Mary Roach is a marvelous writer. I've read, and enjoyed two of her other books, and as mentioned above, I read and enjoyed this one, but would have appreciated more, not less.

If you have any curiosity about how your body works, from the inside, and have feared too much reading due to the 'ick' factor, fear not. When she talks 'ick' it is with taste (uh, pun intended) and humor. She has a knack for going into areas many of us consider taboo, and bringing those areas to light in a humorous manner. And why are they taboo, anyhow?

She did talk about one thing I'd never considered – death by constipation. Yes, it happens. And it happened to people we knew, at least people in the public eye that we claim to have known. (Royalty, entertainers, etc.) Somehow, she managed to bring humor even to that chapter.

If you've not read any of her books, you might as well start here. Nothing will give you nightmares, honest. Trust me. If you have read other of her books, you'll find this one a delightful addition to your Mary Roach library shelf ;-)

Friday, January 9, 2015

The Sociopath Next Door --by Martha Stout, Ph.D.

Nonfiction / Psychology / Psychiatry /Personality 

256 pages / 542 KB
5 Stars

This is a book I think everyone should read. The topic is heavy, the book is not. According to Stout, approximately 4 per cent of our population is sociopath. What does that mean? It doesn't mean they are all serial killers, for starters. They often blend in, and go unnoticed by the majority of people. They are usually intelligent, manipulative, and charming. Because they lack a conscience, they make perfect con-artists.

Because these people lack a conscience, they are incapable of love, joy, remorse, or guilt. Because they have no fear, they take chances at work, in play, in their personal lives, and are often adrenaline junkies.

How do you recognize one? And when you do, how do you live with one? You don't.

Stout's writing is beautiful, almost lyrical, and most assuredly easily accessible by anyone. The stories she tells of individual people would almost make short stories on their own. But she doesn't just tell us about case histories, she also gives us "Thirteen Rules for Dealing With Sociopaths in Everyday Life." Those rules, alone, make the book worth the investment of both money and time.

This is an extremely interesting book, full of useful information we all can learn from, whether you know, or think you know, a sociopath, or if you're a writer and want to write about one. As one reviewer said, this book needs to be read by every High School student in America before graduating. This kind of knowledge will save many a broken life. It won't necessarily stop the hurt because by the time we're involved with one, it's usually too late. But it can stop the breaking if we recognize it soon enough and end the relationship, whether personal or professional.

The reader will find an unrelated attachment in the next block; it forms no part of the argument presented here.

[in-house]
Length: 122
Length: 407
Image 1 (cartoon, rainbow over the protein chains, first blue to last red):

Do not think about buying this book, JUST DO IT. Buy your own copy, read it, and if you're one of those people like me, keep a pen handy because you'll want to underline, highlight, and add your own marginalia to it. Highly recommend this for everyone who reads, for everyone who lives in today's world.

Blood Bound (Mercy Thompson Novel #2) --Patricia Briggs

Fiction / Urban Fantasy
306 pages 611 KB
5 Stars

I read Moon Called in two days, it took me 3 to read Blood Bound because life kept getting in the way!

Blood Bound picks up very shortly after Moon Called, and in this book we meet a few more characters of the Other realm that were perhaps introduced in #1, but now we get to meet them. (I closed one book, and immediately opened the next, so the stories sort of blend for me.)

Ms. Briggs has developed a most interesting world, and does not just toss fae, vampires, weres, etc. into it, she has carefully, and deliberately, given us the rules for each of the kinds of Others. The fae made themselves known, and now live, for the most part, on a reservation near Walla Walla, WA. They were the first to come out. Then some of the wolves. It's necessary, as science, especially forensic science, will out them one way or the other, and since many of the wolves, especially, work in high level jobs. Vampires may be another story altogether.

There is logic in the way Ms. Briggs has built this world, this world of fiction in which I live right in the middle in the mundane world. I love a good story where I can enter, and even play with the characters. This is one of those stories. Ms. Briggs doesn't just spin a good yarn, she invites you to come in and play, too. But, be careful, you may meet some playmates you aren't expecting, and, well, blood has been known to make an appearance now and then. Especially when wolves and vampires mix it up.

One of the truly refreshing aspects of this book, and I assume the series, is the romance element. It isn't harlequin—it's real. And Mercy is her own woman, and won't settle for any just any man, she demands love, and respect. Eventually, I'm sure, she will find it, but the chase is going to be interesting, so to speak.

I look forward to reading all the books in this series. Although I'm sure I could read them as stand alone books, especially now that I know the characters, I think I'll read them in order written, and enjoy the unfolding of the various story lines. I highly recommend this book, though if you've yet to read a Mercy Thompson book, I strongly suggest you start with Moon Called.